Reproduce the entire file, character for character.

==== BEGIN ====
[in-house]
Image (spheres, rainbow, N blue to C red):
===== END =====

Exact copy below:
[in-house]
Image (spheres, rainbow, N blue to C red):